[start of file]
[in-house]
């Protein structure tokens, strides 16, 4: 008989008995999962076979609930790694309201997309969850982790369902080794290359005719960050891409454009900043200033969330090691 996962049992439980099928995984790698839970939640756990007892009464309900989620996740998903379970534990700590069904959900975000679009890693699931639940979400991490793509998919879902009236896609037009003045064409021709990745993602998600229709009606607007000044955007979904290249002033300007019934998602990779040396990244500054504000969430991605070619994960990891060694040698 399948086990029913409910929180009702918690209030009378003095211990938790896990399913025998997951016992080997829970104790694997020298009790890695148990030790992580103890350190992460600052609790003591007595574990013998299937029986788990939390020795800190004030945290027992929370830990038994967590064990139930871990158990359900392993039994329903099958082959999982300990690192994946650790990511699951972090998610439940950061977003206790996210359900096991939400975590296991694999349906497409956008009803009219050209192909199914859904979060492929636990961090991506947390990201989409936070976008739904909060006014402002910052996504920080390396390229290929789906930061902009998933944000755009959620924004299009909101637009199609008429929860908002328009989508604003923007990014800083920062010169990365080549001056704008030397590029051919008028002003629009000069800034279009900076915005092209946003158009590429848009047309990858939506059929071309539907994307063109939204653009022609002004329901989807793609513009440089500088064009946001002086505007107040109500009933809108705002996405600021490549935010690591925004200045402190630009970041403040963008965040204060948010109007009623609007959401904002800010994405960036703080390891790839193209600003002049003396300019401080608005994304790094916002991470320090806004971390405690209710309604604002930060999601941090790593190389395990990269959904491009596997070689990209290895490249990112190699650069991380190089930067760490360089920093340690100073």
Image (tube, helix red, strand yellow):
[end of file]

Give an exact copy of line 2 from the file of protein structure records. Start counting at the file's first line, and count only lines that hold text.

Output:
């Protein structure tokens, strides 16, 4: 008989008995999962076979609930790694309201997309969850982790369902080794290359005719960050891409454009900043200033969330090691 996962049992439980099928995984790698839970939640756990007892009464309900989620996740998903379970534990700590069904959900975000679009890693699931639940979400991490793509998919879902009236896609037009003045064409021709990745993602998600229709009606607007000044955007979904290249002033300007019934998602990779040396990244500054504000969430991605070619994960990891060694040698 399948086990029913409910929180009702918690209030009378003095211990938790896990399913025998997951016992080997829970104790694997020298009790890695148990030790992580103890350190992460600052609790003591007595574990013998299937029986788990939390020795800190004030945290027992929370830990038994967590064990139930871990158990359900392993039994329903099958082959999982300990690192994946650790990511699951972090998610439940950061977003206790996210359900096991939400975590296991694999349906497409956008009803009219050209192909199914859904979060492929636990961090991506947390990201989409936070976008739904909060006014402002910052996504920080390396390229290929789906930061902009998933944000755009959620924004299009909101637009199609008429929860908002328009989508604003923007990014800083920062010169990365080549001056704008030397590029051919008028002003629009000069800034279009900076915005092209946003158009590429848009047309990858939506059929071309539907994307063109939204653009022609002004329901989807793609513009440089500088064009946001002086505007107040109500009933809108705002996405600021490549935010690591925004200045402190630009970041403040963008965040204060948010109007009623609007959401904002800010994405960036703080390891790839193209600003002049003396300019401080608005994304790094916002991470320090806004971390405690209710309604604002930060999601941090790593190389395990990269959904491009596997070689990209290895490249990112190699650069991380190089930067760490360089920093340690100073």